Jordi Arbiol Cobos

Institut Català de Nanociència i Nanotecnologia

Decarbonization of our economy and carbon valorisation (through conversion of CO2 into usable chemicals or fuels) are key strategies to address the current alarming climate change emergency and limit our footprint on the planet. In this context, researchers are seeking chemical processes that can facilitate and enhance the conversion of CO2 into methane (CH4), which is a green fuel. Catalysts designed to speed up such reactions are therefore extremely important.

Scientists have recently realised that they must thoroughly observe how catalysts and other agents evolve during the chemical reaction in order to clearly understand the role played by each of them and take advantage of it –in other words, a before-and-after comparison does not give enough information.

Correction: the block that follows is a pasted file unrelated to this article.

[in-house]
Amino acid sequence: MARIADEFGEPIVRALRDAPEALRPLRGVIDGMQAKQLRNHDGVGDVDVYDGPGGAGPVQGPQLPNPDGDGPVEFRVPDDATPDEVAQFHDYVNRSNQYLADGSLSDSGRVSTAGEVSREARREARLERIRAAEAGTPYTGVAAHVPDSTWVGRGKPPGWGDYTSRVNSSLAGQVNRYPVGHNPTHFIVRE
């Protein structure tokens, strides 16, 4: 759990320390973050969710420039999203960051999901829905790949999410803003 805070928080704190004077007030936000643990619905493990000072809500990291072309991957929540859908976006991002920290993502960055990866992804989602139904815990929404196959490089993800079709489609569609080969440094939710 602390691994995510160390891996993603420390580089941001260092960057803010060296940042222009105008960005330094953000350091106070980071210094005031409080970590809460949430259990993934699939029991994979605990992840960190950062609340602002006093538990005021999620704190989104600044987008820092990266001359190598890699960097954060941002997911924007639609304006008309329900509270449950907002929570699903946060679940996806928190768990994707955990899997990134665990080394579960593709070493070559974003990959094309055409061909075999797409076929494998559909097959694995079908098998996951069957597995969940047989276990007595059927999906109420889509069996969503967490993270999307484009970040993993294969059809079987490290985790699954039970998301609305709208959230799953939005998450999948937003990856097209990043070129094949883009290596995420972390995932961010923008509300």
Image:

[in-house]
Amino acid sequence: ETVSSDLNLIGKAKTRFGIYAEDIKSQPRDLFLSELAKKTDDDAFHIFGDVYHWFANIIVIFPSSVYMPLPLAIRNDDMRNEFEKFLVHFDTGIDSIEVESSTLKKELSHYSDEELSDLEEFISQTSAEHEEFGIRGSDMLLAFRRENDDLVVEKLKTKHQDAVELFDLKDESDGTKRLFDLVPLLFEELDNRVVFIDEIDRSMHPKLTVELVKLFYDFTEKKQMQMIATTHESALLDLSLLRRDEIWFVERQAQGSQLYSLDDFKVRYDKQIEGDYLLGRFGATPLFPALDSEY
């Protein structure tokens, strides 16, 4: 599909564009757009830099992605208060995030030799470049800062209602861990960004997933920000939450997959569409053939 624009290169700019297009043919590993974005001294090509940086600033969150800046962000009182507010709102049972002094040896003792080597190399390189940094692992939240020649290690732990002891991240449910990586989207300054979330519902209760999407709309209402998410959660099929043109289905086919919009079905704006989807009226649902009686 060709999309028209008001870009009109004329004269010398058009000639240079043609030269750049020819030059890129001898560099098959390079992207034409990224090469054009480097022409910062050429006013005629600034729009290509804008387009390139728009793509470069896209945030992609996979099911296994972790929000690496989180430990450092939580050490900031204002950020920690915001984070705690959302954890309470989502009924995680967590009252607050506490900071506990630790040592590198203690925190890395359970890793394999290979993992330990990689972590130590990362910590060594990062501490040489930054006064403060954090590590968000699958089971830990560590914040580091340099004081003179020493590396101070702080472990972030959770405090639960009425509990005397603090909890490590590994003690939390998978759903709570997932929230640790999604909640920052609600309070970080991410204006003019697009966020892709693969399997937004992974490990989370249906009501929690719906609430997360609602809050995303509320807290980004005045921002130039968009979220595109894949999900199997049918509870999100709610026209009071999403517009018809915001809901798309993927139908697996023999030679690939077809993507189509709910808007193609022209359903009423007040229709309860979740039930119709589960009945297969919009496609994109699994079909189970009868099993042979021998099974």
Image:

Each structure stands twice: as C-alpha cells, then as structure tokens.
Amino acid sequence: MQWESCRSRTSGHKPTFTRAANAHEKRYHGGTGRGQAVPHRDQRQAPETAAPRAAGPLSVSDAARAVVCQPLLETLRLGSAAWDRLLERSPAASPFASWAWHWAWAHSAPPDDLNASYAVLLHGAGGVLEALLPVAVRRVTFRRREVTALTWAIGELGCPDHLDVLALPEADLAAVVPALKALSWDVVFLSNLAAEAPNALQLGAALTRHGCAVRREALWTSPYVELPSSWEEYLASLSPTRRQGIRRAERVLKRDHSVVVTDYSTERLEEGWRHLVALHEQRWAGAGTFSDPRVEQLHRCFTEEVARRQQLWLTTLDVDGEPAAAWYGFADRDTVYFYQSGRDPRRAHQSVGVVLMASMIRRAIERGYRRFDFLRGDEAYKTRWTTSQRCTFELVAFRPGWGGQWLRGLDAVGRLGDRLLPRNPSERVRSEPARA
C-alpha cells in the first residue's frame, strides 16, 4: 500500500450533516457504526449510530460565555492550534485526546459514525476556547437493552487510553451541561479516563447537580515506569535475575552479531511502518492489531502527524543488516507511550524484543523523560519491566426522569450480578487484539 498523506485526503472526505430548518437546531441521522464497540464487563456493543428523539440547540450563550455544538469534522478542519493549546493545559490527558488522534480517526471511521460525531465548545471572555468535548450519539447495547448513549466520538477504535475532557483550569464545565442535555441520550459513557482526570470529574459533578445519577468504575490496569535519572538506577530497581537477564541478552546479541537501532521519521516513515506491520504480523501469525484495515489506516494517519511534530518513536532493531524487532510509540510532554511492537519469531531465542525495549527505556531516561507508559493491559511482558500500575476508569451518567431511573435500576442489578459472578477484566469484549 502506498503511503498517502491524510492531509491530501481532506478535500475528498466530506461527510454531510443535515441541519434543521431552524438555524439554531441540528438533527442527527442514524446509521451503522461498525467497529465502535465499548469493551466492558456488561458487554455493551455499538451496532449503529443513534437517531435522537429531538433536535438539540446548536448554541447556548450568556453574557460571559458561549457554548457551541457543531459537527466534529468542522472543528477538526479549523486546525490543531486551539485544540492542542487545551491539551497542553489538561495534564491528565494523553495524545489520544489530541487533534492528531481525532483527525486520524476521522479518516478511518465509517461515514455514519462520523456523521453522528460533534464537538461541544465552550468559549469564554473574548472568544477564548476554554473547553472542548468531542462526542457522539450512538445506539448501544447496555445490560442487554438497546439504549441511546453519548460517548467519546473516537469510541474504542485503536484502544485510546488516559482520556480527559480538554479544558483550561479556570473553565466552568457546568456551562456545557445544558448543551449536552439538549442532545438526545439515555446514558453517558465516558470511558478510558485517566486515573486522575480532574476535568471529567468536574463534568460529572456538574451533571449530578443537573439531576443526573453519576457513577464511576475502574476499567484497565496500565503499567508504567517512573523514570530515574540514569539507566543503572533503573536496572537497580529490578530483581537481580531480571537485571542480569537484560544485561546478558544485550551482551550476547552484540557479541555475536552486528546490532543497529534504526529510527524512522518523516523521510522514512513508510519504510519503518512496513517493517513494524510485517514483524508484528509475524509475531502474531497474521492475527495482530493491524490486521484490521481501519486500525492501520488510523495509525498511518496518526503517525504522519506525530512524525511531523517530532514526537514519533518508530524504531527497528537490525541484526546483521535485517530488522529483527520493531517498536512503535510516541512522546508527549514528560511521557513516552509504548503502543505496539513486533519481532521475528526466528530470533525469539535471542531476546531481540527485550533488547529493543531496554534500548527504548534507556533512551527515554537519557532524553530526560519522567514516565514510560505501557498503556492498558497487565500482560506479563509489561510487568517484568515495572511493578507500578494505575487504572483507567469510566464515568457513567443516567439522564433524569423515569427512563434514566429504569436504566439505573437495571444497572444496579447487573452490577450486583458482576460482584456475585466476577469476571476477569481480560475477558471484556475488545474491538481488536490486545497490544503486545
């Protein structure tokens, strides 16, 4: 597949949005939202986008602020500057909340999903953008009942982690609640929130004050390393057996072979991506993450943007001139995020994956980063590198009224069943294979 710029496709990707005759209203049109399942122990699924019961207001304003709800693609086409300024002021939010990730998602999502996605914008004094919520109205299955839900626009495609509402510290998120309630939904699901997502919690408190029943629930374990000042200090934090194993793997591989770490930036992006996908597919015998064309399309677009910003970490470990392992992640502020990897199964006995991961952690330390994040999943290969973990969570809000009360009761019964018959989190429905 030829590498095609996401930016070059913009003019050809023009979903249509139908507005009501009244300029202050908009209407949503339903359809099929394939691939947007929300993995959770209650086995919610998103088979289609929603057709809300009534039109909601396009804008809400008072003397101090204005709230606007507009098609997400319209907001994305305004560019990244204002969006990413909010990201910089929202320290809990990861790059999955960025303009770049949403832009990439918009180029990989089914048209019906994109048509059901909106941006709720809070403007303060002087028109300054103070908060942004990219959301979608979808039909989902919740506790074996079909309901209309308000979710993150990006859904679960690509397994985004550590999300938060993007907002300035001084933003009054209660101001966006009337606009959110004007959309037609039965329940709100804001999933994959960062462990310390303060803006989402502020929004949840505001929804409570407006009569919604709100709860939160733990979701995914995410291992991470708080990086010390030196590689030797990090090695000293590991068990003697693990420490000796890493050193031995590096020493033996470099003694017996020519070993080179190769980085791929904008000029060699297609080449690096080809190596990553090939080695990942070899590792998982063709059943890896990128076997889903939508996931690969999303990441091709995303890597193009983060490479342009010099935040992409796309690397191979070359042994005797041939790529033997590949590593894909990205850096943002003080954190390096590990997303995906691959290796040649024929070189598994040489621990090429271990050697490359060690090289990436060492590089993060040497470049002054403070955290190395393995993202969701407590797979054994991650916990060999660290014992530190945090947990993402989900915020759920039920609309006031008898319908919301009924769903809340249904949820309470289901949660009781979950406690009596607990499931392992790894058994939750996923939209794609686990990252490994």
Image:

This is particularly relevant in cases in which –as it has been observed in situ —not only the catalyst itself but also support materials, used for example to stabilise small nanoparticles, intervene in the reaction.

A groundbreaking study lead by researchers from the EMAT (University of Antwerp, Belgium), the Catalan Institute of Nanoscience and Nanotechnology (ICN2, Barcelona) and the Catalonia Institute for Energy Research (IREC, Barcelona) pioneers the use of innovative in situ and operando characterization techniques to observe at the nanoscale the changes taking place on a complex catalyst during a chemical reaction (CO2 hydrogenation) that is key to carbon valorisation. The work, recently published in the journal Advanced Materials, was coordinated by Prof. Sara Bals, from the University of Antwerp and Director of EMAT, and by ICREA Prof. Jordi Arbiol, leader of the Advanced Electron Nanoscopy Group at the ICN2.